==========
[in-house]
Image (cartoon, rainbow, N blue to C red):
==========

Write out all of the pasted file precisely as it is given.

[in-house]
Image (cartoon, rainbow, N blue to C red):